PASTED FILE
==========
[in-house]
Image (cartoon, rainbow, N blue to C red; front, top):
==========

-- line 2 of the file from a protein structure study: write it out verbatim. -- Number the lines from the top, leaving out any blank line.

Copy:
Image (cartoon, rainbow, N blue to C red; front, top):